Skip to main content



) - Three banks failed Friday, bringing this year's total number of bank failures to 43.

All three banks were previously included in



Bank Watch List



institutions, based on regulatory data provided by

SNL Financial


Two Georgia Banks Fail

The Georgia Department of Banking and Finance closed

Atlantic Southern Bank

of Macon, which had $741.9 million in total assets and $707.6 million in deposits; and

First Georgia Banking Company

of Franklin, which had $731 million in assets and $702.2 million in deposits.


Federal Deposit Insurance Corp.

was appointed receiver and sold both institutions to

CertusBank, NA

, of Easley, S.C.

The FDIC agreed to cover 80% of losses on $585.1 million in assets acquired by CertusBank from Atlantic Southern Bank, and $452.1 million in assets acquired by CertusBank from First Georgia Banking Company. The agency estimated the cost to the deposit insurance fund from Atlantic Southern Bank's failure would be $273.5 million and that the cost from First Georgia Banking Company's failure would be $156.5 million.

The failed banks' 26 offices were set to reopen during normal business hours as branches of CertusBank.

CertusBank, NA was newly chartered in January as a subsidiary of

Blue Ridge Holdings

of Charlotte, N.C., when it purchased the failed

Community South Bank & Trust

, also of Easley, S.C. The

Office of the Comptroller of the Currency

had granted the holding company a "shelf charter" in November, and the

Charlotte Observer

reported at that time that Blue Ridge Holdings had raised $500 million in capital to finance bank purchases and was led by Chief Executive Officer Milton Jones and Chief Operating Officer Charlie Williams, who had both previously worked for

Bank of America

(BAC) - Get Free Report


Summit Bank

State regulators shut down

Summit Bank

of Burlington, Wash., which had $142.7 million in total assets and $131.6 million in deposits. The FDIC was appointed receiver and sold the failed bank's deposits for a 0.75% premium to

Columbia State Bank

of Tacoma, Wash.

The acquiring bank is the main subsidiary of

Columbia Banking System

(COLB) - Get Free Report


In addition to the deposits, Columbia State Bank assumed the failed institution's assets, with the FDIC covering 80% of losses on $113.4 million of the acquired assets. The agency estimated the cost of Summit Bank's failure to the deposit insurance fund would be $15.7 million.

Summit Bank's three branches were scheduled to reopen Monday as branches of Columbia State Bank.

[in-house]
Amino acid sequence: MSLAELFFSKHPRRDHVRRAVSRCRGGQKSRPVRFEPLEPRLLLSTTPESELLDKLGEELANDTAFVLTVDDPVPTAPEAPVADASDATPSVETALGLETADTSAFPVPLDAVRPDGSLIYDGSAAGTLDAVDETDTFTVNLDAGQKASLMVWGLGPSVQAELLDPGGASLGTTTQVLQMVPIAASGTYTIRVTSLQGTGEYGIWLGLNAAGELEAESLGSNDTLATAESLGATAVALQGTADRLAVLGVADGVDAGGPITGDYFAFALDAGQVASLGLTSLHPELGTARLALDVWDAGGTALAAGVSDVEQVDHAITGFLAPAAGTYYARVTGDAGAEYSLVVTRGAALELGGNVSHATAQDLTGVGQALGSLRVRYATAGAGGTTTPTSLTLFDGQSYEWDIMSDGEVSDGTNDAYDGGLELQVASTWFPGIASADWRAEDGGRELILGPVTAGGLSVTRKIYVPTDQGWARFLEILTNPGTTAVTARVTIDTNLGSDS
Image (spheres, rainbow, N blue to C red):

Columbia State Bank previously purchased the failed

Columbia River Bank

of The Dalles, Wash., and

American Marine Bank

of Bainbridge Island, Wash., in January 2010.

Thorough Bank Failure Coverage

All bank and thrift closures since the beginning of 2008 are detailed in


interactive bank failure map:

The bank failure map is color-coded, with the states having the greatest number of failures highlighted in dark gray, and states with no failures in light green. By moving your mouse over a state you can see its combined 2008-2011 totals. Then click the state to open a detailed map pinpointing the locations and providing additional information for each bank failure.


Thrifts Join Bank Watch List >>

10 Bank Dividends with Room to Rise >>

Prosecutors Can Get Goldman >>

UBS Denies Wells Rumors as Wealth Scramble Continues >>

M&T TARP Repayment Pressure Builds >>


Written by Philip van Doorn in Jupiter, Fla.

To contact the writer, click here:

Philip van Doorn


To follow the writer on Twitter, go to


To submit a news tip, send an email to:


Philip W. van Doorn is a member of TheStreet's banking and finance team, commenting on industry and regulatory trends. He previously served as the senior analyst for Ratings, responsible for assigning financial strength ratings to banks and savings and loan institutions. Mr. van Doorn previously served as a loan operations officer at Riverside National Bank in Fort Pierce, Fla., and as a credit analyst at the Federal Home Loan Bank of New York, where he monitored banks in New York, New Jersey and Puerto Rico. Mr. van Doorn has additional experience in the mutual fund and computer software industries. He holds a bachelor of science in business administration from Long Island University.